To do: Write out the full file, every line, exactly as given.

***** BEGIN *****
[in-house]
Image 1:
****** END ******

[in-house]
Image 1: